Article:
Five Gifts Received

Last month, I posted my list of seemingly little things that amazingly disrupt how I teach each day. Today, I’d like to turn the tide a bit and list gifts that I received that have made my job more rewarding and have motivated me to work harder to ensure my students achieve. These gifts don’t have monetary value – they cannot be purchased or wrapped up and placed under a tree.  But the gifts hold great value for me.

  1.  A principal with an open door to her office. No matter what my concerns are—funds for a field trip, feedback on how I handled a student discipline concern, or getting a signature for a grant application—my principal makes herself available to students and faculty whenever she’s on campus. Her immediate answers and feedback make it easier for me to get my work done. Her actions also show that she supports and respects her faculty. 
  2.  Opportunities for professional development beyond where I work.  I’ve been able to take time off from school to attend and make presentations at conferences sponsored by professional organizations. Learning more about education outside of my school and my district provides me with new ideas to apply in my classroom and also, through sharing, validates my own practice. My principal (see #1) appreciates the new knowledge that I share with our faculty when I return from conferences. 
  3. Two….actually three different classrooms. I teach a class called Future City in addition to teaching US History. Part of the Future City class involves building scale models of cities the students have “created.” I am lucky to have the key to a classroom that’s dedicated to Future City activities –my other inquisitive students can’t touch the models. We also get free rein to use the computers in our school’s learning lab when the Future City class needs to complete their Sim City activities. On a lighter side, since I have three classrooms, people never really know where to find me.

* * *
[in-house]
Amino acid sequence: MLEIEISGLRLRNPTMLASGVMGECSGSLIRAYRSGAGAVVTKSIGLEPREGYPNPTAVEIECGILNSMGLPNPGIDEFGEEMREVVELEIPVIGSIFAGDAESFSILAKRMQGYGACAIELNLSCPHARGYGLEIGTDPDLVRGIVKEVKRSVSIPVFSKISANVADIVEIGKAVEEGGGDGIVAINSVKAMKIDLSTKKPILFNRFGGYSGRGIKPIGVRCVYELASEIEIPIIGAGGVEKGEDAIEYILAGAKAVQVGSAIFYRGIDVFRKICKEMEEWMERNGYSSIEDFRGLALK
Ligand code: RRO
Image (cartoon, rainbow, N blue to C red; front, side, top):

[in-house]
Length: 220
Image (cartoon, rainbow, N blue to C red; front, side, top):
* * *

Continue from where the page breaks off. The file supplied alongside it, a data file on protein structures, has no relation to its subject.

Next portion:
4. Colleagues who work harder than I do. Each of my colleagues possesses unique skills and interests, yet all of them are focused on student learning. The school district gets quite a bang for their salary bucks when it comes to this faculty. We share what we know and learn a great deal from each other. Now that I think about it, their doors are always open too, just like the principal’s door! 
  5. Sucess with Technology. I’ve had my share of disasters, but with SmartBoards and cell phones as tools in the classroom, most technology-based activities have worked out well. I should mention that our faculty (see #4) includes a dedicated Educational Computing Specialist who responds to our calls for assistance within minutes. She’s prevented many a technological nightmare as I’ve learned how to use computers, laser projectors, and iPod Touches! 

I’ve reserved mentioning the best gift for last. Why are we in the classroom every day? Teachers dedicate their careers to help their students learn. We have high hopes at the start of every year, but it’s not easy to maintain those high hopes when we’re challenged by the daily behaviors of students who might not want to be learning every minute of every day. The best gift that I’ve received this year? That would be…

Students who want to learn and feel free to respectfully question decisions and lesson content. There are some years when teachers fear the future of the planet due to the general behavior of their students. There are also years when our faith in the future is restored because the students are so upbeat and positive. Most years are good years, but this year, the students are exceptional – it’s a joy to work with them. I’m sending my wish out to every educator that 2012 brings you gifts that make your job meaningful and rewarding. Happy New Year!

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